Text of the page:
This last one, however, was fulfillment of a promise I made nearly 15 years ago. The bride has been my friend for a long time and is the last of our core group to be married. We 3 others in the "pack" used to joke that we'd wear the tartiest dresses we could find - in fact, we'd delight in picking out the most inappropriate dresses we could find on our quarterly shopping trips (and our ages ranged from md-40s to nearly 70) and we'd tell Bride that "that's what we're wearing to your wedding."
I'd kid her that she'd better get married before my hands got too old to do her cake. And finally, that day came. The Groom looked a little stunned. We all laughed during the ceremony, held outside, when it started to sprinkle. It must've discombobulated the groom because he got all flusterpated and couldn't even recite the vows. Bride ended up cracking up and saying, "Close enough!" But seriously, the fun is what makes the ceremony memorable.
A deacon friend of ours (he officiated at our wedding) mentioned that he'd had a ceremony that morning "that was perfect; and the couple won't remember a thing. If you can't laugh or have one personal moment during the ceremony, it's pretty boring!"
|Formal Wedding Cake|
This cake was much more formal than the Softball Bride's cake. This is a yellow cake with chocolate buttercream filling and white buttercream frosting. The ribbons were ordered online and took me a good 2 weeks to find! They're cake ribbons, and the top one(as you'll see in a close-up shot) had Swarovski crystals in it. I could've put that ribbon on the entire cake except it was $20/yard!! The crystal-studded ribbon looked lovely when the lights were dimmed and the spotlight was on the head table. I have to find the link that I used; they did have ribbon where you could customize the colors of the crystals, but for the small amount I knew I wanted, it was easier to go with the plain crystal. Particularly since I knew what her topper looked like already. I didn't want to clash with it - I wanted to accent it.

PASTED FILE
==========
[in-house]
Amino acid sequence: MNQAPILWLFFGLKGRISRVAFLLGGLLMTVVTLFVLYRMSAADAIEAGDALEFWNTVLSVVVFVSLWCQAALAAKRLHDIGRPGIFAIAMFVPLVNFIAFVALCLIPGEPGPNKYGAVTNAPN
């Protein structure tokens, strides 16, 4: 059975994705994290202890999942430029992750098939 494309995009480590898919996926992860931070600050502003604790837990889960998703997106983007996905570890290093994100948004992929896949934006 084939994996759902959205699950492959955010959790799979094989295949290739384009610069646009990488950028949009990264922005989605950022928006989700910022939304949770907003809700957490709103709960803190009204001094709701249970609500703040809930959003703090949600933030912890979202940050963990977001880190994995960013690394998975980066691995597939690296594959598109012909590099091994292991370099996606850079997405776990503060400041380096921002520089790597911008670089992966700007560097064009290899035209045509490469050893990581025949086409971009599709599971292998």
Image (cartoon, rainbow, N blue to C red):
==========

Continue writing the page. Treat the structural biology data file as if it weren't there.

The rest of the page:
The cake stand was something we found online, and I'm not sure I'm entirely happy with it. It does look crooked, and I think it would've worked better with a 3" cake that was torted (cut into thinner layers) and then frosted. This cake was (from the bottom) 16" x 2 (2") layers; 12" x 2 (2") layers; and 8" x 2 (2") layers. That's six layers of cake plus the filling. Maybe it would've worked better with less cake in the middle! At any rate, I can use it for a lovely cookie display for the holidays.
The chocolate buttercream actually made my hubby's knees wobble! Three words: organic dutch process. Oh. My. It was such a rich chocolate; you really got the scent and then the hit of chocolate in your mouth. The white buttercream kept it from being overpowering, and the overall effect wasn't a tooth-rattling sweetness, which can happen with some cake fillings.
I ended up glazing this cake with apricot preserves. That keeps it from crumbing too much and also keeps the cake moist. Only a few people caught the apricot. Usually it's a pretty neutral taste, but if you're good, you can tell!
I used Duncan Hines butter recipe golden. That's a lovely firm cake with a nice texture that holds up well.
|Cake Top with Crystal Studded Ribbon|
It almost ended up on the floor!! We were watching, after the ceremonial "cake cut" to see when the wait staff was going to take the cake. And I happened to see Hubby dash up to the front. Look at the picture above. Do you see anything anchoring those cakes to the stand? That's because there ISN'T anything holding them in place. Except gravity!
The waiters were just about going to whisk the cake onto a bus cart. Hubby grabbed the topper and told them, "STOP!" and then explained that you had to take each layer off the stand; it couldn't be moved all of a piece. Whew! Disaster averted... till I saw how they were cutting it.
I think that I'll start including cake cutting diagrams when I deliver them. You know you have a problem when the woman says, in a somewhat snippy tone, "I know how to cut a cake." Well...any 4 year old can cut a cake. But do you know how to properly cut a wedding cake? This woman didn't! The pieces ranged from clumsy chunks to slivers. I was disappointed. The other thing? They're cutting it and whipping it onto a table, but didn't bring forks out! Hello, people!! They finally got forks out for the guests.
One thing I did like was that they cut a certain portion of the cakes and then they put the remaining slices into lovely little cake bags. That is such a nice way to allow the guests to take the cake home, and hopefully it avoids waste of the cake.
I am not sure that I want to do that many cakes in that short of time as a regular thing! I enjoyed the real creativity that I was able to use. Even this one: I was told "I want simple and elegant" and I think that's what I gave her. I did have some white satin ribbon roses, but it ended up that I really didn't need them. The complete simplicity of just the topper and the ribbon was enough.
No telling when my next cake will come about. Or what the subject will be. But to me, that's half the fun.